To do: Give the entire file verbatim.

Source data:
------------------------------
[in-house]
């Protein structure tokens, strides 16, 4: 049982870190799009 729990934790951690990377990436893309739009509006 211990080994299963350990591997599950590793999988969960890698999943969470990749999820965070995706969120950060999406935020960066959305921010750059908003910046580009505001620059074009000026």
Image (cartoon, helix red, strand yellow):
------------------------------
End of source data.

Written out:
[in-house]
């Protein structure tokens, strides 16, 4: 049982870190799009 729990934790951690990377990436893309739009509006 211990080994299963350990591997599950590793999988969960890698999943969470990749999820965070995706969120950060999406935020960066959305921010750059908003910046580009505001620059074009000026």
Image (cartoon, helix red, strand yellow):